The number of patients who have received cannabis to treat medical conditions in Luxembourg so far this year has surpassed the total for 2019, local newspaper Luxemburger Wort reported.
The data was disclosed Thursday by Health Minister Paulette Lenert in a reply to parliament.
According to the Luxembourgian newspaper, medical cannabis was prescribed at least once to 415 patients in 2019. So far this year, the number of unique patients is 441.
Since prescriptions started in early 2019, 630 patients have been treated at least once with cannabis.
The minister acknowledged that, in the past, importing medical cannabis has been subject to “complex procedures and sometimes long delays,” but she assured that the current supply is sufficient.
An assessment of the current medical program is due in early 2021, Luxemburger Wort reported.
So far, all medical cannabis sold in Luxembourg is imported.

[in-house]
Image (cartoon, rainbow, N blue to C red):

Considering the growing demand, the country estimated it would need to import a maximum of 270 kilograms (595 pounds) in 2020 – a quantity that was confirmed by the INCB, the independent monitoring body for United Nations international drug control conventions.
The INCB manages a narcotics estimate system that tracks international supply and demand.
Because cannabis is a narcotic, countries must estimate their yearly needs for medical and scientific uses, submit that quantity to the INCB and have it confirmed by the U.N. authority.
Once confirmed, the totals allow countries to import and/or manufacture that maximum quantity in a specific year.
Luxembourg created enthusiasm in the industry at the end of 2018, when the current government promised in its coalition agreement to fully legalize the production of recreational marijuana, possibly becoming the first European country to do so.
However, the promise has yet to materialize in any meaningful way.
Other European countries – particularly the Netherlands and Switzerland – are advancing with limited experiments for the production of adult-use marijuana.